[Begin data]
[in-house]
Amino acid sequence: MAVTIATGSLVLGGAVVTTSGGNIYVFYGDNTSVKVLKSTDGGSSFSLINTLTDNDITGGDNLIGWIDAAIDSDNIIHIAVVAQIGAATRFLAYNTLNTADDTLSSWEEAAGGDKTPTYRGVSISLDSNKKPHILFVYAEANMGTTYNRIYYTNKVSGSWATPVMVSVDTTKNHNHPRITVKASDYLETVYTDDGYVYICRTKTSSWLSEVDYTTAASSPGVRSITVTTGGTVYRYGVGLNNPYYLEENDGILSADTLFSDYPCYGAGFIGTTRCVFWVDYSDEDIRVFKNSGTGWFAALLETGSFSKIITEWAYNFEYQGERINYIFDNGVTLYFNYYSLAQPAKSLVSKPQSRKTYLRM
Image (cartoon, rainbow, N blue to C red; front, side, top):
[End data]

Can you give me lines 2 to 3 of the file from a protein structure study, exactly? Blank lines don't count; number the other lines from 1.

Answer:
Amino acid sequence: MAVTIATGSLVLGGAVVTTSGGNIYVFYGDNTSVKVLKSTDGGSSFSLINTLTDNDITGGDNLIGWIDAAIDSDNIIHIAVVAQIGAATRFLAYNTLNTADDTLSSWEEAAGGDKTPTYRGVSISLDSNKKPHILFVYAEANMGTTYNRIYYTNKVSGSWATPVMVSVDTTKNHNHPRITVKASDYLETVYTDDGYVYICRTKTSSWLSEVDYTTAASSPGVRSITVTTGGTVYRYGVGLNNPYYLEENDGILSADTLFSDYPCYGAGFIGTTRCVFWVDYSDEDIRVFKNSGTGWFAALLETGSFSKIITEWAYNFEYQGERINYIFDNGVTLYFNYYSLAQPAKSLVSKPQSRKTYLRM
Image (cartoon, rainbow, N blue to C red; front, side, top):